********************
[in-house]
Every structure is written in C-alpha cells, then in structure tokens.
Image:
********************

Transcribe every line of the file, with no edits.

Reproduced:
[in-house]
Every structure is written in C-alpha cells, then in structure tokens.
Image: